A Woman’s Work in Global Supply Chain

Recognizing Women Transportation Industry Leaders

By Casey Cooper

The saying goes, “ this is a man’s world.” For eons men have led the pack in pioneering industries such as commerce, logistics and global supply chain management. As of late, there has been a shift in the contributions of women in these principles. With entrepreneurship growing 162 percent among woman-owned businesses from 2008 to 2017, is it really a new trend, or have women been behind the scenes, pushing humanity forward the entire time?

The majority of the leading transportation providers are owned by men. However, it’s the women who are behind the front lines dotting I’s, and crossing T’s; they just don’t get the credit.

In 1920, with the ratification of the 19th Amendment, women were given the right to vote. In 1932, Amelia Earhart soars non-stop across the Atlantic Ocean. A few decades later in 1955, Rosa Parks sparks the Civil Rights Movement. In just a short span of 30 years women made brazen strides to be seen, felt and heard.

Despite these poignant efforts, little headway was being made In logistics … or was it?

Organizations like Women in Logistics, founded by Stacy Roth, started sprout up in the late 1970s and ’80s. Although there were few collective resources for women to fellowship professionally, women still made up more than 70 percent of clerical and administration positions within major corporations. As women progressed individually, they pioneered collectively in sports, science, technology and Logistics.

Keeping in step with the new rise of the female phoenix, Elizabeth Dole became the first female U.S. Secretary of State in 1983. Known for her work with MADD, or Mothers against Drunk Driving, she helped promote the use of seatbelts and incentives for manufacturers to install airbags in new automobiles. President Regan even remarked about her personal contributions to road safety “because of your personal emphasis on transportation safety, Is now a national priority.”

Shortly after her resignation, more powerhouse women in high profile transportation positions began to emerge:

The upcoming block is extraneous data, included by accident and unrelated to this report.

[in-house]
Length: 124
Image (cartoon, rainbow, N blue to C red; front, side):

• Marion Blakey became the first female chairman of the National Transportation Safety Board after her 15-year stint as administrator of the Federal Aviation Administration.

• Ellen Voie takes her role as president and CEO of Women in Trucking Inc., platform who’s objective is promoting the employment of women in trucking, removing obstacles and celebrating its members.

• Ann Drake founded AWESOME (Advancing Women’s Excellence in Supply chain Operations, Management). The organization provides events, scholarships, and other resources, and the supply chains most prominent organization.

Logistics is still very much an Industry where women are underrepresented. According to an article in Supply Chain Management, only 5 percent of top-level positions in Fortune 500 companies are filled by women. That percentage nearly triples in executive officer positions held by women in other industries. Women like Elizabeth, Marion, and Ellen have risen to the apex of their echelon and have reached back for others.

It’s a man’s world, but where would we be without the women?

Casey Cooper is founder of The Compass Circle. She has more than years of transportation industry experience, and in 2006 started a trucking company which, over the course of the next decade, turned one truck into a US$6 million transportation pipeline.

Cooper will participate in the Breakbulk Americas panel, “Diversity & Inclusion in Breakbulk: How to Become a Diversity Champion,” which will be held at 10:20 to 11:20 a.m., Sept. 30.